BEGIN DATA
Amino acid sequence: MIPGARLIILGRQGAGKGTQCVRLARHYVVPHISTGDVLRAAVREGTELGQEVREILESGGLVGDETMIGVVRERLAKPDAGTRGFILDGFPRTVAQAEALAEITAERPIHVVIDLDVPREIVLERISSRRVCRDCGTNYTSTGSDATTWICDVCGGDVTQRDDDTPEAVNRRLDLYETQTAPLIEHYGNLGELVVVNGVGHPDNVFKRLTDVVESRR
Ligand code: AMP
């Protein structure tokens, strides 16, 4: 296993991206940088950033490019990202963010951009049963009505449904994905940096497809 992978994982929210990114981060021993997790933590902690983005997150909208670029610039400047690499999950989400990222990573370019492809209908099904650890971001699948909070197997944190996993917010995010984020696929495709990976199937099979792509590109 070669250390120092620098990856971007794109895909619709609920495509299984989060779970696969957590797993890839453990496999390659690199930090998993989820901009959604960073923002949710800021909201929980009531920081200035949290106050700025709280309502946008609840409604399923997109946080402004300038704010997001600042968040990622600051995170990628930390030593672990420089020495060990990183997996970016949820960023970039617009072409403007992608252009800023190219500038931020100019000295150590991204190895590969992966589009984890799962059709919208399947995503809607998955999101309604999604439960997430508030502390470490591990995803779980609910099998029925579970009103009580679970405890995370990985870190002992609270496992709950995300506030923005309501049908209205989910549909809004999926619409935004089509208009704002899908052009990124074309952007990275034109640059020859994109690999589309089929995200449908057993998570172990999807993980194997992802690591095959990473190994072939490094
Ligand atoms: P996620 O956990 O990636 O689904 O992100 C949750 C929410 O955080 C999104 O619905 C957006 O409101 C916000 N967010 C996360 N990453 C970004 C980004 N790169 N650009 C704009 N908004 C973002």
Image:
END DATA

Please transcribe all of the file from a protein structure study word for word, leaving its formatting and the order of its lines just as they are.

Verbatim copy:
Amino acid sequence: MIPGARLIILGRQGAGKGTQCVRLARHYVVPHISTGDVLRAAVREGTELGQEVREILESGGLVGDETMIGVVRERLAKPDAGTRGFILDGFPRTVAQAEALAEITAERPIHVVIDLDVPREIVLERISSRRVCRDCGTNYTSTGSDATTWICDVCGGDVTQRDDDTPEAVNRRLDLYETQTAPLIEHYGNLGELVVVNGVGHPDNVFKRLTDVVESRR
Ligand code: AMP
């Protein structure tokens, strides 16, 4: 296993991206940088950033490019990202963010951009049963009505449904994905940096497809 992978994982929210990114981060021993997790933590902690983005997150909208670029610039400047690499999950989400990222990573370019492809209908099904650890971001699948909070197997944190996993917010995010984020696929495709990976199937099979792509590109 070669250390120092620098990856971007794109895909619709609920495509299984989060779970696969957590797993890839453990496999390659690199930090998993989820901009959604960073923002949710800021909201929980009531920081200035949290106050700025709280309502946008609840409604399923997109946080402004300038704010997001600042968040990622600051995170990628930390030593672990420089020495060990990183997996970016949820960023970039617009072409403007992608252009800023190219500038931020100019000295150590991204190895590969992966589009984890799962059709919208399947995503809607998955999101309604999604439960997430508030502390470490591990995803779980609910099998029925579970009103009580679970405890995370990985870190002992609270496992709950995300506030923005309501049908209205989910549909809004999926619409935004089509208009704002899908052009990124074309952007990275034109640059020859994109690999589309089929995200449908057993998570172990999807993980194997992802690591095959990473190994072939490094
Ligand atoms: P996620 O956990 O990636 O689904 O992100 C949750 C929410 O955080 C999104 O619905 C957006 O409101 C916000 N967010 C996360 N990453 C970004 C980004 N790169 N650009 C704009 N908004 C973002």
Image: